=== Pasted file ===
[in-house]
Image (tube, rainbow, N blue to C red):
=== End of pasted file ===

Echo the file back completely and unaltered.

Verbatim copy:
[in-house]
Image (tube, rainbow, N blue to C red):